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With the introduction of 4G into the world of connectivity, the lines between the Internet and cellular services have been blurred. In fact, in most of the world, there is little distinction made between the two. And with advancing technology bringing improvements to mobile broadband technology in leaps and bounds, it is not surprising that this type of cellular network is here to stay for a while, side by side with home/office phone and broadband connections.
Benefits of Mobile Broadband
For most people, broadband is the approximate speed they can expect to access the Internet with over a cellular network. It is extremely convenient and is usually enough for people, because it allows sufficient access levels to the Internet. At the same time, mobile broadband allows plenty of freedom in mobility even while the users are connected.
Because of the convenience offered by mobile broadband, users across the world prefer to access the Internet from their mobile devices rather than having to plug into their PCs all the time or seek Wi-Fi hotspots for browsing the web, uploading selfies on their social media accounts, making e-commerce purchases or using it for education and research purposes. Mobile broadband can be accessed on the bus, outdoors, in a coffee shop etc.
Higher speeds available:
With the advent of 4G and the expectations from 5G, people are already accustomed to the high speeds, reliable connectivity and easy access to the Internet through their mobile devices. Of course, in 2014, with broadband connectivity becoming even more affordable, users prefer to stay connected all the time, on the move.
Flexibility and ease of use:
Broadband deals are easy to customize according to needs. They can be a pay as you go deal or on a contract basis. Occasional users as well as regular users can be satisfied according to their requirements for Internet access.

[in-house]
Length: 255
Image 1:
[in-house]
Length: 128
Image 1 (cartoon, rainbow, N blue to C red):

In addition to the flexibility and speed advantages of broadband, access to fast and free networks via 802.1x o direct connections are becoming more tightly controlled. As a result, users prefer to be able to always connect through their mobile devices. Telecom companies across the world – particularly in developing countries – also benefit from mobile broadband. It is far less expensive and far easier to install an infrastructure for mobile broadband than it is to set up the fiber networks that are needed for access to gigabit Ethernet.
Mobile broadband makes use of simple USB dongles that are plug and play. A single dongle can be used across a variety of devices, from tablets to PCs. The widespread compatibility of this type of internet access is a bonus for people that want to have constant connectivity without spending on separate connections for each or having to lay out a Wi-Fi hub infrastructure.
It is not just individual users preferring mobile broadband for tablets and other hand-held devices. Learning institutions and universities across the world are beginning to rely on mobile networks for their Internet needs. One of the major benefits of this type of connectivity for large institutions is that there is no need to build infrastructure, maintain it, or require support from the institution in case of mobile broadband. Installation is simply and access is fast and easy.
Mobile Broadband Usage in Recent Years
The International Telecommunications Union estimated that in 2012, there were a total of 1.1 billion subscriptions for mobile broadband across the world. It was also estimated that this figure had grown by a significant 45 percent since 2008. There is greater availability and prevalence of a variety of mobile devices today – Smartphone, tablets, e-readers – which are always connected through 4G. It is expected that the demand for mobile broadband will rise further. It is clear that mobile broadband is here to stay for a while.
It can be hard to beat the rate at which mobile broadband is available today for tablets and other handheld devices. Contracts start as low as a few dollars a month. There is no need for a landline, a concept that is fast becoming obsolete across the world as the world switches to mobile. Wired broadband connections still typically need a fixed phone line at home, which many people may find redundant.
Added to that are benefits of not having to carry out repetitive software installations after that one initial setup. Mobile broadband also makes an excellent backup in emergency situations when other Internet access fails. Clearly, it is not time to throw away the dongles just yet.
Johngary is a part time tech writer and full time developer of the codes behind mobile phone apps. Click here to learn more about mobile broadband and what it can do for you.